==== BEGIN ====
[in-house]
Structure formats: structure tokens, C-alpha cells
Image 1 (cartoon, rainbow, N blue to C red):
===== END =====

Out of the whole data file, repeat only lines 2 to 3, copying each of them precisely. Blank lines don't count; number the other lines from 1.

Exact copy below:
Structure formats: structure tokens, C-alpha cells
Image 1 (cartoon, rainbow, N blue to C red):